||By Tess Thomas
Trying to become a motocross champion is difficult — think high speeds, rough terrains, frequent crashes and limited protective gear. Trying to become a female motocross champion is even more difficult — male athletes dominate the sport.
But Tanya Muzinda, a 13-year-old motocross racer from Zimbabwe, refuses to be intimidated. She loves the adrenaline from flying through the air on her bike and relishes beating the boys: "I think my favourite part about the sport is when I'm racing against the boys and before the race starts, they might tease you and say, 'Oh you're a girl and you can't do anything.' But when I get on the bike, I show them who I really am."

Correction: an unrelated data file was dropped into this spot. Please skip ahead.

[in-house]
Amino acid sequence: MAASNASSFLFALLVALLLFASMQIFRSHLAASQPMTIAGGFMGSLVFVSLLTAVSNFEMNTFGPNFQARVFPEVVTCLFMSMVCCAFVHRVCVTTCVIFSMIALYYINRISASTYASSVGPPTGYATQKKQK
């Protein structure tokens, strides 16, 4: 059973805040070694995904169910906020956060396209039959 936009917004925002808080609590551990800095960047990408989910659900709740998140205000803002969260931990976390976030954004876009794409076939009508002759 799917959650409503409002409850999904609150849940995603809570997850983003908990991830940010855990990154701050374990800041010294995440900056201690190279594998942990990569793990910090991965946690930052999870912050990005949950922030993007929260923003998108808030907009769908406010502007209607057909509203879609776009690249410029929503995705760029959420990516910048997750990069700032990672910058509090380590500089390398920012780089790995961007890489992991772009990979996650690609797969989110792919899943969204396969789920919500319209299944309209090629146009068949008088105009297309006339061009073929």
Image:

Unfortunately, Tanya can't compete as often as she wants. "In Zimbabwe, we only have 12 races [a year]," she explained. "In the U.S. and the U.K., there are races every weekend." Fewer opportunities to compete means less experience. This puts Tanya at a distinct disadvantage to her peers, the vast majority of whom are from the U.S. or Europe.
As Tanya attempts to become the first female motocross champion from Africa, she is faced with the challenge: how can she become the best in the world at something that isn't popular in her community?